Over the years we never tried to hide the fact we're massive fans of Octavi Arrizabalaga, better known in the art world as Aryz. From his game-changing murals over impressive studio works to the recent blend of these two practices through the creation of giant-scale cutout paintings, the Spanish artist has been continuously pushing the boundaries. Of his work primarily, but as a well renowned and respected artist worldwide, the boundaries for his contemporaries as well.

We were happy to get a first look at the new video that the Juxtapoz cover artist recorded and produced during the recent months of confinement together with the producer Peter Doering of Beech Studios. Again, taking an opportunity to challenge himself and his work, the short feature is revolving about Aryz' creative process in his day to day life and the ways he is experiencing his practice. The video takes us on a tour through his new studio which enabled him to work on an impressive scale during the past year, but more importantly, we get to hear him openly reflecting on the constant battle that is art-making, which according to him, is full of changes and doubts.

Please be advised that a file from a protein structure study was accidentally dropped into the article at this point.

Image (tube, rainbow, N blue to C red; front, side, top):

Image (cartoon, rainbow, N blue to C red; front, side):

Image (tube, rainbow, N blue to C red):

After long months of solitary work in the studio, away from travels or gallery openings, Aryz has decided it's time for organization, identification, and interpretation of his own sensory information and thoughts, in order to be able to continue his practice at an exciting pace and level. Aside from giving us a great insight into the artist's way of thinking and perceiving his process, the video also captures him working on El Auxilio, an 8-meter-high piece that was shown inside the Ostend Conservatory building in Belgium as part of The Crystal Ship by night. It's the continued questioning and challenging of his own perception which keeps on pushing him to reinvent himself and come up with new concepts such as these large-scale installations that allow him to interact with space and play with its size. —Sasha Bogojev